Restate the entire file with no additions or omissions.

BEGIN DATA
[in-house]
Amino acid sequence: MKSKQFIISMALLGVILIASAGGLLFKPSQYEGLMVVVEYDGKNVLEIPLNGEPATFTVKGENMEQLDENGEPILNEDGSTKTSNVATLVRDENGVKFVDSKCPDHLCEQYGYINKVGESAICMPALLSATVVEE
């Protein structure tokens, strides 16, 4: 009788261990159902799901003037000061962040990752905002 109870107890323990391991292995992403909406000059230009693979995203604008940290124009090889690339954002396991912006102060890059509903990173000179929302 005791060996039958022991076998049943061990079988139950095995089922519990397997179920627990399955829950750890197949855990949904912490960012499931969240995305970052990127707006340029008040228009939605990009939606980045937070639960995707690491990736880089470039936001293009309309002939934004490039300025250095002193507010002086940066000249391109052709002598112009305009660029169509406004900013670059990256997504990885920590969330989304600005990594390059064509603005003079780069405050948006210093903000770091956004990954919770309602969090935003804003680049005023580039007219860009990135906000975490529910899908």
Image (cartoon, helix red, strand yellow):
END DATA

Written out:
[in-house]
Amino acid sequence: MKSKQFIISMALLGVILIASAGGLLFKPSQYEGLMVVVEYDGKNVLEIPLNGEPATFTVKGENMEQLDENGEPILNEDGSTKTSNVATLVRDENGVKFVDSKCPDHLCEQYGYINKVGESAICMPALLSATVVEE
């Protein structure tokens, strides 16, 4: 009788261990159902799901003037000061962040990752905002 109870107890323990391991292995992403909406000059230009693979995203604008940290124009090889690339954002396991912006102060890059509903990173000179929302 005791060996039958022991076998049943061990079988139950095995089922519990397997179920627990399955829950750890197949855990949904912490960012499931969240995305970052990127707006340029008040228009939605990009939606980045937070639960995707690491990736880089470039936001293009309309002939934004490039300025250095002193507010002086940066000249391109052709002598112009305009660029169509406004900013670059990256997504990885920590969330989304600005990594390059064509603005003079780069405050948006210093903000770091956004990954919770309602969090935003804003680049005023580039007219860009990135906000975490529910899908």
Image (cartoon, helix red, strand yellow):